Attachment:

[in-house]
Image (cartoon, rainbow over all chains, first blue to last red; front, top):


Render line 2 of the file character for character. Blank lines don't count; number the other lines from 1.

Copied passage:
Image (cartoon, rainbow over all chains, first blue to last red; front, top):